The following time you eat an avocado or prepare avocado toast, save the seeds. It might seem like something you would try in a fifth-grade science class, but you can actually sprout that thing and grow your own avocado tree at home and if you’re lucky enough, you’ll harvest your own creamy green fruits!
Here’s how to do it:
- Extract the seed.
Remove the avocado seed carefully without cutting or breaking it. Wash it to remove any slippery residue and dry it thoroughly.
- Pierce the seed.
Hold the seed upright. Wedge 3 toothpicks around the circumference of the seed at a slightly downward angle. If you’re not sure which part of your avocado seed is which, you should know that the top is the slightly pointy end or the part of the pit that faced the stem when the pit was inside the avocado.
- Soak the seed in water
Fill a tall, clear glass with water. Place the seed in the glass with the toothpicks resting along the lip of the glass. The bottom of the seed should be submerged in the water while the top stays dry.
- Let the seed sprout.
Place the glass in a warm spot out of direct sunlight. Change its water every couple of days to remove any mold or bacteria. Add more water if necessary to make sure that the bottom of your avocado seed stays submerged. Within 2 to 8 weeks you should start to see the sprout’s tail. Be careful with the water. You don’t want your sprout to dry out.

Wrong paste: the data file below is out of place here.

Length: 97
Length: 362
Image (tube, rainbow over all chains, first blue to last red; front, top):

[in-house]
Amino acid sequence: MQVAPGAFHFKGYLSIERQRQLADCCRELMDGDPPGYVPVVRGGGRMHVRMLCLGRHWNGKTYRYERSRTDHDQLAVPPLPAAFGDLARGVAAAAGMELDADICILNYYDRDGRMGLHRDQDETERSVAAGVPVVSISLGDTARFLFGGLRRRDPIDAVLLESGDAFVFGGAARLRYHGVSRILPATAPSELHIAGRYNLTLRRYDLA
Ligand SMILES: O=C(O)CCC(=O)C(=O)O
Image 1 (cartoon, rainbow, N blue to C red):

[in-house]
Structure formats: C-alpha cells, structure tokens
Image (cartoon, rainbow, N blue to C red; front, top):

- Trim the sprout.
As soon as the tail grows 6 to 7 inches, trim it in half to encourage new growth.
- Prepare to plant.
As soon as the sprout grows another 6 to 7 inches, it’s time to plant it. Place the seed in a 10-inch-wide pot filled with humus-rich soil, leaving the top half of the seed exposed.
- Keep your plant happy with water and sun.
These plants love sunshine, so make sure you put the pot in a sun-drenched area. If it’s summer, you should put it outside. Water it often, so the soil is moist but not soaked. If the plant suddenly turns yellow, you’re watering it too much.
- Foster more growth
As soon as your plant grows up to 12 inches tall, cut it back to 6 inches to encourage some new growth.
- Transplant – maybe
If you live in an area where the temperature doesn’t usually dip below 45° F, you can transplant the tree into a warm, sunny spot outdoors. From March to June is the best time to do this, because young avocado trees can get sun damaged in the summer. If you live in a cooler climate, bring your pot inside as the temperatures start to fall in autumn. It doesn’t like the cold.
- Savor the fruits of your labor
Are you ready for some extra fresh guacamole? Unfortunately, you’ll have to wait for a while. Some trees will mature and bear fruit in 3 or 4 years, while others might take as 15! Believe it or not, some of those trees may never bear any fruit at all. That’s quite disappointing, but at least you have a cool and modern houseplant with an interesting story!